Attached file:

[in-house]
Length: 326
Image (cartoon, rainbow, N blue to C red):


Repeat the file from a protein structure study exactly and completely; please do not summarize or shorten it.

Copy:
[in-house]
Length: 326
Image (cartoon, rainbow, N blue to C red):